Stars against a wall

Breaking ranks

Trying to rank partner accreditation programmes can be problematic, says Billy MacInnes
Image: Paul via Pixabay

10 November 2022

I was asked last week if it is possible to rank partner accreditation programmes. The honest answer is “I don’t know.” I’m not sure whether anyone has ever tried to do it, although most channel partners probably have their own rankings when it comes to assigning value to particular vendor accreditations. But that probably varies partner to partner depending on what kind of business they wanted to do and who they wanted – or needed – to do it with.

A vendor could have an incredible partner programme, for instance, that offered and provided everything a channel business might want or need, but it might not have the product or service the partner wanted or needed.  On the other hand, a vendor might have a run-of-the-mill programme that was a big heap of ‘meh’ for channel businesses, but because it has a product or service that customers want or need, the partner would attach a much higher ranking to that accreditation.

So you can see how trying to rank partner programmes could be problematic. It’s not impossible to design a metric that takes account of the nuts and bolts of partner programmes, assigning values to different features of the schemes, such as training, incentives, lead generation, vertical markets, marketing etc, etc. You could easily put a grid together and mark the different programmes accordingly and come up with a ranking.




But that wouldn’t give an entirely accurate picture. For example, I can imagine that for some channel partners the attraction of doing business with a particular vendor is that it has a good balance of partner numbers versus market opportunities. For many channel businesses, this gives them an incentive to devote time and energy to selling and supporting a vendor’s products or services.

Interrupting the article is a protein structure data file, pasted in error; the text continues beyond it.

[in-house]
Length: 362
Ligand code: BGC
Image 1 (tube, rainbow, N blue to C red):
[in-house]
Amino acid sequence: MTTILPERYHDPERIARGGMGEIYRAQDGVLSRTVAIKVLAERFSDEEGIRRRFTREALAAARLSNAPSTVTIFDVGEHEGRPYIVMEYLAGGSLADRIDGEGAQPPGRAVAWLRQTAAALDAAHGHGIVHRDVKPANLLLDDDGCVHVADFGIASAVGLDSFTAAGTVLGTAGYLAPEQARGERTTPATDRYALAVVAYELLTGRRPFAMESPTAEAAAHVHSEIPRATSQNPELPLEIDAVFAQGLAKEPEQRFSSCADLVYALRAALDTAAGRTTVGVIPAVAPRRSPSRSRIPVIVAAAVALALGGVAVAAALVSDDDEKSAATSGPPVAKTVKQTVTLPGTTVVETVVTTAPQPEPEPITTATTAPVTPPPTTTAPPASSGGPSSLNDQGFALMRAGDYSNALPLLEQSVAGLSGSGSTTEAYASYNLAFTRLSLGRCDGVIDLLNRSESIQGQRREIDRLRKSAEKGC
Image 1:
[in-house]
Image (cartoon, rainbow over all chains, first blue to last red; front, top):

Competition is fine but they don’t want a free-for-all that fails to apply some distinction between a partner that has a strong services focus and one that has a more transactional approach. Many channel businesses see partner programmes as a mutual recognition of the value they provide for vendors. If those programmes are too wide open, there’s not much room for value.

Channel businesses are not a homogenous mass so it’s next to impossible for all of them to agree on what the best partner programmes are. You might get wider agreement on what vendors most of them need to have some kind of relationship with, but it will never be unanimous.

Objectivity is pretty near impossible because they have different motivations for valuing one programme over another. As I said, many partner programmes share the same features and benefits, but there are several factors that can help to separate them.

For example, what’s the demand for a particular vendor’s programme? As I said before, it could be the best programme in the world but that’s no use if no one wants the vendor’s product. How effectively is the programme being delivered? Again, it could look absolutely fantastic on paper, but delivery of the programme could fall far short of the promise, potentially damaging the partner’s relationship with the customer. I somehow don’t think a channel business will be able to assuage an angry customer with “I know you’re upset about the delay on vendor X’s product delivery but, on the upside, its partner programme is absolutely fantastic”.

Maybe someone out there knows how to rank partner programmes in an objective way that makes sense for the vast majority of channel businesses without the rankings being skewed by a range of factors beyond everything contained in the schemes themselves. But I wouldn’t like to rank their chances.

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